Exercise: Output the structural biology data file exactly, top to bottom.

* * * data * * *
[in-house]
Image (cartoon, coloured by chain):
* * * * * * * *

[in-house]
Image (cartoon, coloured by chain):